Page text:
Three Minute Review: Sakinah Hofler on Kelly Sundberg



Three Minute Review: Sakinah Hofler on Kelly Sundberg



Goodbye, Sweet Girl: A Story of Domestic Violence and Survival

HarperCollins, 2018






If this book took the form of a landscape, it would be a mashup of seemingly impossible terrains:

  • Shifting mountains. “That hot, dry summer was the summer that I spent digging in clear, cold mountain streams. The first scoop of dirt was always the easiest, the soil breaking away from the rocks, but as the holes got deeper, the soil was more packed. There were often large boulders in my way that I had to work around. I sat on that bucket, dug, and daydreamed about the things I couldn’t have. Caleb was beginning to feel like one of those boulders.”
  • A karst, where Caleb is the acidic water beating and wearing down Kelly’s livelihood, creating sinkhole after sinkhole after sinkhole


If this book was a room in the house, it would be a haunted closet. Everyone’s full of secrets – Kelly, her husband, her mother. Kelly never tells her mother about the time her neighbor tried to stab her or about the night an acquaintance sexually assaulted her. Even when her husband’s abuse carries out into the open, she figures out a way to conceal it:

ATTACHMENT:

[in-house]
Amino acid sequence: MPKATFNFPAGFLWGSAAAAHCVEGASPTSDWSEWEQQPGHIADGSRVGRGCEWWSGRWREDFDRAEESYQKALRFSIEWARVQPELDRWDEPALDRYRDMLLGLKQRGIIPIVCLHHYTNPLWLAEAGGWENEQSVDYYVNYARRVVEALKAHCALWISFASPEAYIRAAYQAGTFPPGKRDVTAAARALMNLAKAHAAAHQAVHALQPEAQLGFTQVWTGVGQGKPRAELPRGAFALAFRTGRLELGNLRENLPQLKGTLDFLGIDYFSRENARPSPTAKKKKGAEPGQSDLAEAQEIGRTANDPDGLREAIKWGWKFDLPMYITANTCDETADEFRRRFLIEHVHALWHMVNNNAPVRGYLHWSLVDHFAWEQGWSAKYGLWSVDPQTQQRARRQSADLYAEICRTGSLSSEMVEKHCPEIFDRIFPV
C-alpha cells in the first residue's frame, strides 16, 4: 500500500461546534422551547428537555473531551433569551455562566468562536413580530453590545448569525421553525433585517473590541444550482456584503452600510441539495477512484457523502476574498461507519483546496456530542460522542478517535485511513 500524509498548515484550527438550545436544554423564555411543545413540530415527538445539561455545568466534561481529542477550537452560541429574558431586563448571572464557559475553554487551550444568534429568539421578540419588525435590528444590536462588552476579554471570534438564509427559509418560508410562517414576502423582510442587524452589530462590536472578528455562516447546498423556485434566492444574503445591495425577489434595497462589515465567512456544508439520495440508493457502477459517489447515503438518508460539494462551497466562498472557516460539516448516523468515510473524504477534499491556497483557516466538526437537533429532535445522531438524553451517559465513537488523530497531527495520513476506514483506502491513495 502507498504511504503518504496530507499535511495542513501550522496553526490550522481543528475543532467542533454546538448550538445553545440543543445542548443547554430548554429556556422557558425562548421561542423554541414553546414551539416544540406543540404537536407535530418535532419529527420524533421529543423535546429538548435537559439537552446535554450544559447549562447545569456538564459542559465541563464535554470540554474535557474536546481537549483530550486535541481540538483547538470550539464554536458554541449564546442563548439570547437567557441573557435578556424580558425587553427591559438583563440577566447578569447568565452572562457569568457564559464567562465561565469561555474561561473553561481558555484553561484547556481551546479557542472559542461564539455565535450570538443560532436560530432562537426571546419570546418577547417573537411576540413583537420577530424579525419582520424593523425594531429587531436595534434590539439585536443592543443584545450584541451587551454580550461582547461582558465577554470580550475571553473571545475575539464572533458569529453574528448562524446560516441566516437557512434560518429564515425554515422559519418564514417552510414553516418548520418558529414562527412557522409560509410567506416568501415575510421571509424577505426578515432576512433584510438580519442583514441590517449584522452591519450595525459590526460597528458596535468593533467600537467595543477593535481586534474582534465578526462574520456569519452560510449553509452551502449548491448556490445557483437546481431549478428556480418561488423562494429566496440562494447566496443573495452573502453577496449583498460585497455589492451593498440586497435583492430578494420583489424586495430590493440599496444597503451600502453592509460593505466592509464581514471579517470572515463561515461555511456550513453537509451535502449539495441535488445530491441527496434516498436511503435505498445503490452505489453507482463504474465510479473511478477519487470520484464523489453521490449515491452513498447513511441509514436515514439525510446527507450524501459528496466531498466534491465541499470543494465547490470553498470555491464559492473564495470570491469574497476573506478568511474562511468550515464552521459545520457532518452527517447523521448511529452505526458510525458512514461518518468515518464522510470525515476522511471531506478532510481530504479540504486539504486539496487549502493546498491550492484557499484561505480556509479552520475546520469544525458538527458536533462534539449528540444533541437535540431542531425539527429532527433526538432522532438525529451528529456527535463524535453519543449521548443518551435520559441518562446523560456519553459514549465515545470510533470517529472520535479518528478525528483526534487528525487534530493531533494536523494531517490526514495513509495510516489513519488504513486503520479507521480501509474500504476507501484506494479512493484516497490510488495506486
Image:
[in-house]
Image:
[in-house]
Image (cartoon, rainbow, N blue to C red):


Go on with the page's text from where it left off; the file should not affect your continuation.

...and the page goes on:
I cried “I’ll fix this,” and headed upstairs.

I spoke to the resident assistants, shoulders shaking, and started sobbing. “I’m sorry,” I said. “He’s taking medication for his moods, and he’s having problems. Side effects.” This was true. “Please don’t tell anyone. I know I don’t have the right to ask you that, but please don’t tell anyone.”


Is this book papyrus, typewriter, desktop computer, or iPad? None of the above. This book is a voice, begging for us to listen:


I stopped writing because it was becoming impossible to rewrite the story in a way that felt authentic.

I stopped writing because I wanted to write, “I no longer know where he ends, and I begin.”

I stopped writing because I wanted to write, “He ends.”

I stopped writing because I wanted to write, “I begin.”


Sakinah Hofler is the 2017 winner of the Manchester Fiction Prize. Her work has appeared or is forthcoming in Mid-American Review, Hayden’s Ferry Review, Philadelphia Stories, and elsewhere. A former chemical engineer, she’s currently a PhD student and an Alfred C. Yates Fellow at the University of Cincinnati.

Twitter: @blackquisition




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